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Annie Qureshi

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Myth of the learning curve for tech entrepreneurs

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Starting a technology based business is not for the faint of heart. You need stellar technical competencies, plenty of confidence and must be flexible to change.

The trials and tribulations of starting a technology company are difficult for anyone. Many business pundits warn that they are even more challenging for entrepreneurs over 40. There is some truth to this, because older entrepreneurs must learn new skill sets and become more resilient to change.

This doesn't mean that entrepreneurs over 40 are doomed to fail. Older entrepreneurs tend to be much more successful. Their life experience and wisdom gives them a powerful edge over their younger competitors. Lynda Weinman, a 40-something year old computer whiz founded Lynda.com, a technology based trading company. Herbert Boyer, co-founder of Genetech and Bob Parsons, founder of Godaddy, were also over 40 when they launched some of the most successful technology companies ever.

They just need to play to their strengths and mentally prepare themselves for the turbulent changes they will face.

Here are some tips they should follow.

Don't Let Your Age be a Crutch

In 2011, Michael Arrington wrote a blog post for TechCrunch called "Internet entrepreneurs are like professional athletes, they peek at 25." Arrington's opinion has been the conventional wisdom in Silicon Valley and other technology hubs for decades. It has also been thoroughly debunked.

Research from the Kaufman Foundation shows that the average successful entrepreneur is 40 years old.

“Founders tended to be middle-aged—40 years old on average—when they started their first companies. Nearly 70 percent were married when they became entrepreneurs, and nearly 60 percent had at least one child, challenging the stereotype of the entrepreneurial workaholic with no time for a family.”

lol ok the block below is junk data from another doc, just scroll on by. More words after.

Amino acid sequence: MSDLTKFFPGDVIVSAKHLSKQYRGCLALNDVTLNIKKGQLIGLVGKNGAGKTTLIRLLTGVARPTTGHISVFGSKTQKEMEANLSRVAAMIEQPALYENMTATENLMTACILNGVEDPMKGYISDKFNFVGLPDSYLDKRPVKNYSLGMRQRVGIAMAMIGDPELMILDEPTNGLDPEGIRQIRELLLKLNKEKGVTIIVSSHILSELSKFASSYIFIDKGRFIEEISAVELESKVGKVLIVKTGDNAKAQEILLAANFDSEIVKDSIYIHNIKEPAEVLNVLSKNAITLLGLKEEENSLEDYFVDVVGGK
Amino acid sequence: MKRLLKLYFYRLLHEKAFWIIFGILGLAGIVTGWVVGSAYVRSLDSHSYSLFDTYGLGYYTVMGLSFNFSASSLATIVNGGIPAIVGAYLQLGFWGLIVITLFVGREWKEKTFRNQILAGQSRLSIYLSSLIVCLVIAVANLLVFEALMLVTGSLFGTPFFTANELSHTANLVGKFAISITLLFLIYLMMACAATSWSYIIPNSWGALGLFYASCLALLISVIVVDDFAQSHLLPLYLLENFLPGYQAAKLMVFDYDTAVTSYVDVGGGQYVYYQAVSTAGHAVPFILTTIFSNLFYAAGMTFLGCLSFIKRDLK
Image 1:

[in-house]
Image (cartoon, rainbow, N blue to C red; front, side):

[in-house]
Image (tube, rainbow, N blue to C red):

There are twice as many successful founders over 50 as there are in their 20s. The truth is that the successful young entrepreneur is the exception rather than the rule.

Unfortunately, older entrepreneurs can start a business believing that they'll be fighting an uphill battle their entire career. Their defeatist mindset becomes a self-filling prophecy.

Don't give into that way of thinking.

Play to Your Strengths Instead of Focusing on Your Weaknesses

Every entrepreneur has their set of strengths and weaknesses. You may never have written a line of code in your life, but have 20 years of experience in the financial industry. Your financial background gives you a strong headship over your stereotypical Silicon Valley programmer because cash flow management is a vital part of running any company.

You may not be the most personable guy in the world so that you won't make a great sales person. However, if you have spent ten years as a programmer, you will have A strong edge in other ways.

You may discover hidden talents you never signed yourself during your youth. However, it is more likely that you will need to play to your strengths. You can always align yourself with partners or employees that have the skills you lack.

Use Proven Learning Hacks

One of my colleagues is a 50-something year old man that moved to Northern California from South Africa. He spent 20 years of his life working in human resources before deciding to try his hand at online marketing. He discovered that he was a talented marketer, but had to work hard to learn more about his new profession.

My colleague said that using proven learning tools and hacks helped him immensely. You should follow the same guidelines. If you are starting an ecommerce business, you can research the different ecommerce terms in less than an hour. You can spend a few days reading blogs and forums, such as AffPlayBook, Search Engine Journal and Social Media Today. Many ecommerce platforms also have great resources for their users. For example, Shopify has a Business Encyclopedia to help new online entrepreneurs reduce their learning curve. Engineering organizations such as the IEEE also have valuable resources for their members.

Most importantly, you need to follow a learning methodology that works for you. Over the years, you have developed a number of shortcuts to help you process new information. Use the practices that worked for you.

Starting a Technology Business Over 40 Doesn’t Have to Be an Uphill Battle

Creating a successful technology business will be difficult for anyone. However, failure isn’t inevitable if you are over 40. Some of the best founders ever were past their prime by Silicon Valley standards. They just need to be able to respond easily to change.

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